Sunday, August 26, 2007

Because "Legally Brunette" doesn't have the same ring to it

Do you ever wonder if people suggest you should enter a specific career because it's either what they do or what they want to do? In "The Graduate," Benjamin was urged into the growing field of plastics, probably because Mr. McGuire had found some amount of personal satisfaction and monetary gain in the field of plastics. Likewise, I suspect my grandmother's sporadic suggestions that I become a lawyer stem partly to her own thwarted (the 1940s and the Nazis tended to derail women's dreams of the bar) career aspirations.
This advice comes with recognition of my opinionated nature and my lack of fear about voicing said opinions, and with praise of my ridiculous ability to memorize seemingly useless information. All skills that serve a lawyer well. However, my grandmother also knows I recently graduated with two master's degrees in fields wholly unrelated to law - she even went to my graduation ceremonies - and knows I have two years left on a commitment to working in Jewish federations.
My standard protests to her prodding include the financial (I never paid for undergrad or grad school so why start paying tuition now?), the chronological (I'll be 29 when I finish my existing indentured servitude, putting me a few years beyond the average first-year law student) and the self-preservational (why subject myself to endless lawyer jokes?). Beyond that, I simply have no interest in pursuing the legal professions.
All this career-based navel gazing has, well, made me navel gaze about what I really do want to do with my life. I do enjoy working for some sort of greater good, no matter how disconnected I sometimes feel from that lofty goal. So in the short term, I definitely see myself doing some sort of nonprofit, foundation or philanthropy-type job; likely with a development and fundraising focus. Beyond that - who knows?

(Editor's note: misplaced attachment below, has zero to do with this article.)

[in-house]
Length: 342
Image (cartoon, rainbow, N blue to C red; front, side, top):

My fanciful notions range from wine store owner (with my sister) to professional foodie to paint chip color namer (seafoam frost anyone?). With full understanding of my original statement that people often recommend either their own jobs or their optimal jobs to those soliciting career paths - anyone got some ideas for me???

1 comment:

Anonymous said...

Hi darlin,

No ideas for you, but I will tell you that as a lawyer's daughter, I too have had the same half-baked advice thrown my way as well. My mom says I would be a good lawyer because I'm argumentative. That said (or typed), she also once told me that I was pursuing a career in medicine because I'm materialistic. Obviously not the best mother-daughter understanding existing there.

However, it does bring up an interesting point, that our parents/grandparents/older relatives tend to give unsolicited career advice when they stumble across something they think we'd be "good at." My grandmother recently advised my horrified sister, who is a journalism student, that she would be "good at" being an airline attendant. Now, because my sister is cute and friendly and I'm sure could be talked into wearing a tacky shade of orange lipstick, I'm sure she would make a good airline attendant, if she temporarily lost her mind and wanted to do such a thing. It just seems that the desire to pursue a given career doesn't seem to enter the equation when a family member is poring over the classifieds on an unwitting lovely lady's behalf. I'm reminded of the scene from I Heart Huckabees, when Albert's mom tries to show him an article she cut out on marketing internships.

Chin up. I find people jobs all day long, and never, not once, has a candidate called me after I've placed them to say, "Thank you so much for this opportunity! It's exactly what my grandmother told me I'd love doing!"

Talk soon,